# [Cryptography] Security of a permute-only system?

John Denker jsd at av8n.com
Tue Dec 1 12:03:13 EST 2015

On 11/25/2015 04:34 PM, Henry Baker wrote:

> Given a message source that's already "whitened", but otherwise
> unencrypted, how much security can be achieved strictly through an
> unknown, but random permutation?
>
> I.e., if n=171, then a random permutation of size n would appear to
> require 1026 bits to specify it.
>
> Suppose we simply applied our random permutation to each block of 171
> pre-whitened bits.
>
> This random permutation is used essentially as (part of) a symmetric
> session key.
>
> Let's assume neither CPA nor CCA: this scheme might be part of a
> larger system.
>
> Q: does such a random permutation provide any additional security, or
> is it merely a waste of time?
>
> (Let's assume that we can efficiently perform the permutation w/o any
> side channels -- e.g., perhaps an oblivious Batcher-type sorting
> network.)

The question is interesting ... but unanswerable.  It is ill-posed
coming and going, i.e. simultaneously overspecified and underspecified.

To save time, I will offer some guesses as to what was intended.
If these guesses are close to correct, fine;  otherwise they will
serve to indicate what sort of clarification is needed to make

*) The Subject line is contradicted by the body of the message.

The Subject line says "permute-only" but the body specifies
a whitener.  The whitener is doing a lot of the heavy lifting.
Depending on unspecified details of the whitener, the system
could be reasonably secure with or without the permutation ...
or it could be hopelessly insecure with or without the permutation.

Therefore assumption [A]: We should ignore the Subject line,
and assume some sort of whitener is present.

*) Similarly the body says the whitener and permutation "might
be part of a larger system".  Again depending on unspecified
details, the larger system might be reasonably secure with or
without the permutation ... or it might be hopelessly insecure
with or without the permutation.

Therefore assumption [B]:  We should ignore this part of the
body, and assume the larger system is absent, and focus on
the whitener and permutation.

*) A strong cipher is in some sense an ideal whitener.  Such
a thing makes the question trivial.  The answer is that the
permutation adds nothing;  the system is as secure as it's
going to get, with or without the permutation.

Therefore, to avoid triviality, assumption [C]:  We assume the
whitener is an open code, perhaps like the famous mercantile

If the whitener is keyed in any way, we assume the key is
known to the attacker (Eve).  If the whitener is context-
dependent (as any decent whitener must be), we assume the
context is known to Eve, or guessable with high confidence.

*) It is not specified whether the same permutation is used
for a single block or re-used for multiple blocks.  Since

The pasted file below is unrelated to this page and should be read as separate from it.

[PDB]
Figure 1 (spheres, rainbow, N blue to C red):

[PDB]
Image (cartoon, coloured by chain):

re-use is a dumpster fire, assumption [D]:  All messages
(or all sessions) are one block long.

===================

Under assumptions A,B,C,D we can get an upper bound on how
well the system can perform.  After whitening we have a 171
bit block, and all 2^171 possible patterns are more-or-less
equally probable.

Now consider an implementation [E1] where those 171 bits are
re-encoded in 176 bit words, such that each word has 88
ones and 88 zeros.  That is, each word has a Hamming weight
of 88.  That is relevant, because Hamming weight is a
conserved quantity with respect to permutations.  There
are (176 choose 88) such words, which is more than 2^171.

The re-encoding scheme is known to Eve.

This is an interesting representation, because now a
permutation can change any codeword into any other.  It
takes log2(176!) = 1064 bits to specify such a permutation.
That's a lot ... but you should not imagine that it is
all-powerful;  to specify an arbitrary invertible function
would require log2((2^171)!) bits, which is a muuuuch
bigger number.

Now consider a different implementation [E2].  To save
money sending the bits over the wire, we encode the blocks
using "only" 175 bits.  Half of the codes have a Hamming
weight of 87, and half have 88.  We call these the "light"
codes and the "heavy" codes respectively.  All together,
there are (175 choose 87) plus (175 choose 88) such words,
which is more than 2^171.

The problem is, the set of light codes is closed under
permutations, and the set of heavy codes is also closed.
That means that by looking at the ciphertext, Eve instantly
gets one bit of information about the plaintext.

For many applications, this would be a disastrous amount
of leakage.

Now consider an implementation [E3] where we use the
raw 171-bit blocks, without re-encoding.  There are now
172 different Hamming weights, which Eve can observe and
exploit.  The leakage is an order of magnitude worse than
in scenario E2.

=======================

Summary:  A,B,C,D,E2 is insecure, and A,B,C,D,E3 is worse.

A,B,C,D,E1 "might" be better.  It is not quite as obviously
broken as the others, but I offer no guarantees, only an
upper bound on the strength.  There could be innumerable
less-obvious weaknesses.
h